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        Oxidative stress in immune cells of adult obese mice fed during their adolescence with a high (60%) fat diet
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        Oxidative stress in immune cells of adult obese mice fed during their adolescence with a high (60%) fat diet
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        Oxidative stress in immune cells of adult obese mice fed during their adolescence with a high (60%) fat diet
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Obesity has been proposed as a model of premature immunosenescence. Since oxidative stress is the base of immunosenescence and of the ageing process, the aim of the current study was to find out the redox state of immune cells from obese adult mice fed with a fat-rich diet during adolescence. Young female ICR mice (n = 16) (14 weeks old) were divided into two groups: 1) fed ad libitum with a high fat diet (HFD) containing 60% fat (Harlan), and 2) fed ad libitum with a maintenance diet (Harlan) (Controls). After 14 weeks, the moment in which the animals (28 weeks of age) showed all characteristics of obesity, these mice were sacrificed and peritoneal immune cell suspensions as well as spleen leukocytes were obtained from both groups. In these immune cells the following parameters: xanthine oxidase (XO) (an enzyme that produces oxidants such as the superoxide anion) and catalase (CAT) (an antioxidant enzyme) activities, as well as glutathione (antioxidant) levels were evaluated by using spectrophotometric methods. The results showed that in adult obese mice there was a significant (P < 0.001) increase in XO (mU XO/106 cells) activity in both spleen and peritoneal immune cells (in spleen: 3.6±0.5 vs 2.7±0.4, and in peritoneal cells: 3.2±0.4 vs 2.3±0.3 in obese and control animals, respectively). Nevertheless, these animals showed a significant decrease in the activity of CAT (U/106 cells) (for example in peritoneal cells: 11±1 in obese and 16±2 in control mice, P < 0.001), and in the levels of glutathione (nmol/106 cells) (for example in spleen: 1.0±0.2 in obese and 2.3±0.7 in control mice, P < 0.01). In conclusion: adult mice reaching obesity after having been fed with a fat-rich diet during their adolescence show an oxidative stress in the immune system. Since this situation may be related to the impairment of immune cell functions and hence to a shorter life span we could hypothesize that adult obese subjects could have an accelerated ageing and a worse longevity.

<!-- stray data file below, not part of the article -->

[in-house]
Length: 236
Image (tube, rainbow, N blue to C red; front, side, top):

This work was supported by MICINN (BFU2011–30336), UCM (910379ENEROINN) grants, RETICEF (RD06/0013/0003) from ISCIII and BTSA (The PRONAOS Study, CDTI 2008 1114).